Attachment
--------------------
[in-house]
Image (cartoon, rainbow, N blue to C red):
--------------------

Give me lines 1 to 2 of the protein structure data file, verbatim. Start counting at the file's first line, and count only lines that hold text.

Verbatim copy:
[in-house]
Image (cartoon, rainbow, N blue to C red):